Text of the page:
Frankly, that's never been one of my favorites; I mean, of course pros trade the open! Although it's likely true that there are more kitchen-table traders in the market between the morning open and when they head off to their day jobs. Yep, they are indeed easy pickings for the early-morning pro.
As for the close, indeed the pros do trade it, big time! And it's a good indication of what they're thinking in terms of the general very short-term state of affairs. Meaning, if they're sour on general conditions, and expect that the overnight headlines and data from the rest of the world is likely to be net bearish, no way they're going into the evening long (owning stocks). Of course, the opposite would hold true as well; if they believe the overnight headline risk is to the upside, they'll be buying the close.
Here's the daily 10-minute chart for the S&P 500 from last Wednesday to this morning: click to enlarge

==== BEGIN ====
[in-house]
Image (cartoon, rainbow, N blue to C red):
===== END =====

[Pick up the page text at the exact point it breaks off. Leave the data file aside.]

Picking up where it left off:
Note the white arrows pointing to the last 10-minute green bar at the end of each trading day. In 4 of the 5 (all of which where the S&P closed nicely higher than the previous day's close) the bar is unusually long, with the white hash mark to the right signaling that they all closed at or near the high. Even the one (slightly) down day showed a notable amount of last-minute buying.
So, clearly, for the last 5 trading days at least, traders haven't been comfortable being out of the market overnight.
As I type the Dow's down 580 points on Apple's revenue guidance and a big miss in the ISM Manufacturing Index for December. So today looks to be a huge test of this bullish sentiment I've been noticing at the end of the last 5 trading days.
I'll be back a little later with my take on Apple and on the state of U.S. Manufacturing...
Oh, and remember what I said Monday:
"Expect more huge volatility in both directions over the next few weeks..."